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894 THE STATE OF SUCH AS DIE IN THEIR SINS.
The pleasures of sin are momentary, sensual and bru. tal; or they are infernal. They are overbalanced by the pain and torment which accompany and follow them. Life and death are set before us, blessing and cursing. Either depends on our own choice.
Should it not then be the earliest and most importunate enquiry, What shall I do to be saved? The anfwer is, Believe in the Lord Jesus Christ. He only hath power to save from sin and wrath. He is able to save to the uttermoft all that come to God by him. For he offered a perfect facrifice for fin, and ever liveth to make intercession for transgressors. Admit a conviction of your guilt and misery, your impotency through indwelling sin. Know that sin is exceeding sinful, the accursed thing, the cause of all other evil. believe in the all-fufficiency of Christ. Commit your souls to him in well doing, before the day of the Lord's anger. Think not of continuing in fin, that grace may abound. For what is this but to make the gospel, which was ordained to life, a savour of death unto death? Those, who despise the riches of mercy and long suffering, are vefsels of wrath fitted for destruction. Believe and fly for refuge before the decree bring forth, which cannot be reversed, appointing your portion with those who believe and tremble in hell.
The words, which have been under consideration, fet before us the way of life, and the way of death. Believe that Jesus Christ is the Son of God, and you shall have life through his name.
No other hath the words of eternal life. If you will not come to him for life, if you live in fin, you are in the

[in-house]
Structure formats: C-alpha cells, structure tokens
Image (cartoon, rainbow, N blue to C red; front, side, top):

the way to eternal death. Consider the opposite issue of faith and unbelief: And the Lord incline your hearts to choose life.
THE FUTURE BLESSEDNESS OF THE
THESSALONIANS, iv. 14,
FOR IF WE BELIEVE THAT JESUS DIED AND ROSE AGAIN, EVEN SO THEM ALSO WHO SLEEP IN JESUS WILL GOD BRING WITH HIM.
HE words call our attention to the future bleflednefs of believers. It is incumbent on me to state and to evince this doctrine.
The fcriptures speak of death as a sleep. The common death of all men is thus represented. “ Man lieth “ down, and shall not awake, nor be raised out of sleep “ till the heavens be no more. They who seep in the “ dust of the earth shall awake; fome to everlasting “ life, fome to shame and everlasting contempt. Speaking of those who perished in the deluge, Moses faith, They are as a sleep. The psalmist prayed, “ Light“ en mine eyes, that I sleep not the sleep of death.”
But to sleep in Jesus is appropriate to such as die in the Lord; that is, in the faith and hope of the gospel the contrast to dying in sins, alienated from God. We meet with the same expression as that before us, 1 Cor. xv. 18. They who are fallen asleep in Jesus. Death to a good man is resembled to taking rest by fleep; because he “rests from his labours” and sufferings.“ David, “ having served his generation by the will of God, fell